There is reason for optimism. The GDC negotiations offer a much-needed opportunity to establish a single global framework for the governance of data, AI, and other emerging technologies. And, while there’s still room and time for improvement, the consultations offer concrete ways for non-state actors to participate. 

In recent years, the global community has seen a proliferation of initiatives, countries, and non-state actors coming together to establish norms, principles, and frameworks. A useful start, this patchwork of norms, rules, and regulations results in overlaps, gaps, and inconsistencies. These weaknesses create more confusion than they solve and are ripe for exploitation by malign state and non-state actors. The world needs a single normative framework to govern digital cooperation, data, and AI—based on universal values of equity, inclusion, transparency, and accountability and rooted in existing human rights frameworks. The global community also needs governing mechanisms that do a better job of bringing together government, business, civil society, and technical actors to shape principles, standards, and actions. Ultimately, multilateralism only works when governments decide it’s in their interest to participate. GDC consultations to date have shown that governments are investing time and energy into these negotiations because they want and need such a global framework, even if they disagree on its scope and character. 

Finally, it is precisely because the digital agenda demands cooperation among state and non-state actors that the GDC is the perfect test case to reimagine an updated framework for multilateralism that gives real meaning to including business, civil society, academia, and diverse communities.

2. This is a big year for democracies around the world. 

This year, more than 40 countries representing more than 40 percent of the world’s population and a significant share of global GDP will hold elections. The Guardian’s Simon Tisdall calls it “Democracy’s Super Bowl” happening in a year when the latest data from International IDEA indicates a global decline in democracy. Upcoming electoral processes will be most meaningful for the citizens of these countries, but the global implications will also be significant.

Recent history suggests that we will see more misinformation, AI-generated deep fakes, and cyber interference in campaigns and electoral processes. As with many other aspects of AI applications, no one—not even its designers and creators—knows exactly how this technology will be used or what the effects will be. What we do know and have seen before is that the application of technology in this way threatens the integrity of electoral processes and will likely contribute to further polarization and erosion of trust in public institutions.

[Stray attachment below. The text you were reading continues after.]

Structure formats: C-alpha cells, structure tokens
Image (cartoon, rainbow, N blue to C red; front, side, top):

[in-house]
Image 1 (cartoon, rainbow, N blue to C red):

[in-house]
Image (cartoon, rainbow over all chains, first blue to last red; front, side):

A less obvious byproduct of having elections in so many countries in the same year, is the general slow-down of day-to-day governance. When public officials are focused on campaigning, there’s less room to propose and pass legislation or to exercise accountability. Governments may be less ambitious in global negotiations or be so preoccupied with domestic affairs that they leave their diplomats with limited instructions. Leaders that emerge from electoral processes that are mired by technology-enabled interference may be less able or willing to engage constructively in multilateral negotiations and may see less value in global governance of data and technology. This doesn’t bode well in a year when global digital cooperation is urgently needed amid rare opportunities to establish foundational global frameworks like the Global Digital Compact. 

At the same time, elections dominating news around the world provides a platform to remind us why good data and facts matter. To borrow the tagline of the Washington Post, “democracy dies in darkness.”

High quality, well-governed data are fundamental to a healthy democracy and a thriving social contract. This is why the global community needs to invest in robust national data systems to underpin our digital economies and another reason that we need a global framework for governing data and digital systems.

3. AI will influence development, but how and for whom is an open question.

There is a lot of optimism around the potential for AI applications to address major challenges across the Sustainable Development Goals (SDGs). Whether and how governments are able to harness AI to deliver for their people depends on a mix of domestic and global factors. Development partners are increasingly prioritizing AI but their goals may be at odds with those of the governments they are meant to be supporting.